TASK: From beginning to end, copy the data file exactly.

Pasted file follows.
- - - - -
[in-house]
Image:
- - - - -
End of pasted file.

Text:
[in-house]
Image: